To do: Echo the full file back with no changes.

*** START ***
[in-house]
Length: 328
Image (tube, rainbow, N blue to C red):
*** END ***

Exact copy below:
[in-house]
Length: 328
Image (tube, rainbow, N blue to C red):